If you suffer from acne, dairy is one of the worst triggers out there and could easily be disrupting your own hormone balance and making your acne worse. So today, I wanted to talk about the best dairy free milk alternatives to help you clear your acne.
How does milk affect acne?
If you’re hormones are troublesome and you’re suffering from persistent skin problems then milk, cheese and yogurt from cows dairy is one of the first things you need to cut back on. According to the American Journal of Dermatology, cows milk contains, on average, 60 different hormones which are present in all types of cow dairy; pasteurised, grass-fed, homogenised, raw, organic, yogurt, cheese etc.
All these growth hormones mean that milk contains high levels of androgens such as testosterone and IGF-1 (Insulin Growth Factor). These two androgens are now widely known to contribute to skin disorders such as acne and eczema. Not only does milk contain acne causing hormones, dairy products can also have a huge impact on your insulin levels too which can have a knock-on effect on your skin.
Cows dairy is problematic for acne because it contains highly inflammatory A1 casein. A1 casein should be avoided by anyone who suffers from acne or any sort of hormonal issues such as endometriosis, PCOS and even just chronic PMS. However, Goats, Ewe and Buffalo dairy contain A2 casein and most women don’t suffer the same inflammatory response as cows dairy. It’s one of those things that you’re going to have to try it and see how you get on. I recently read on this post by Lara Briden that if you used to suffer with regular ear/throat infections as a child, it’s a very good indicator to whether you can or can’t tolerate dairy. Those who suffered with upper respiratory infections as a child should avoid dairy completely as those childhood infections “were driven by A1 casein, and in adulthood, the same immune-disruption manifests as other inflammatory conditions.” (L.Briden, 2013)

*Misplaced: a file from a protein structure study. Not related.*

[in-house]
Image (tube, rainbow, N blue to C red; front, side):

Milk & acne: the best dairy free milk for acne
Unfortunately, quitting milk can be quite tricky… You need to become a savvy label reader as milk derivatives like powdered milk is often found in everything, from soups to crisps! One of the first things I recommend doing is replacing your cows milk with a dairy free alternative as cows milk often has the highest concentration of potentially problematic hormones. The process of fermentation (a process used to create kefir, yogurt and cheese) actually deactivates some of the IGF-1 (1) but I still advise to go completely tee-total to start with so you can reset your system and kick start your body on the path to healing. Whether you like a splash of milk in your tea, cream in your curries or yogurt with your granola for breakfast, if you’re serious about healing your acne you need to switch your milk for a dairy free alternative. Luckily it’s now easier than ever to get your hands on a carton of shop-bought, dairy-free milk – just make sure you check the labels and avoid any with added sugar or lots of preservatives!
The best dairy free milks for acne prone skin
So, you’re probably thinking you can make the simple switch to the ever popular almond milk and be done with it? Unfortunately when suffering from acne we need to be extra cautious about everything we put in our bodies, particularly during the first stages of healing when we want to put all our focus into reduce inflammation and bringing the body back into balance.
When suffering from any sort of inflammatory skin disorder, whether it’s acne or eczema, keeping inflammation down is one of the key things we need to do in order to heal. One of the best ways to decrease inflammation is to make sure we’re getting the right balance of Omega-6:Omega-3. Ideally, we should be looking at a ratio of between 1:1 and 5:1, but with the modern diet containing a lack of anti-inflammatory Omega-3 and way too much inflammatory Omega-6 hidden in many foods, the ratio for a Western diet is more likely to be around 17:1. Unhealthy foods deep fried in vegetable oils (sunflower/canola/rape seed) are a big no-no when it comes to our skin as they all contain a high percentage of inflammatory Omega-6 and very little anti-inflammatory Omega-3 which can throw our omega level totally out of balance. But here’s the shocker…‘healthy’ nuts and seeds can be an issue too!
When switching over to a healthy lifestyle, our intake of nuts usually skyrockets! We replace our mid afternoon chocolate biscuit for a handful of nuts, ground almonds become a key ingredient in our baking and nut milks form a base for our porridge and shakes. These ‘healthier’ lifestyle switches are a great start, but if you’ve cut out the dairy, sugar and gluten but are still breaking out, then it’s time to really crack down on the foods that could be causing inflammation within the body.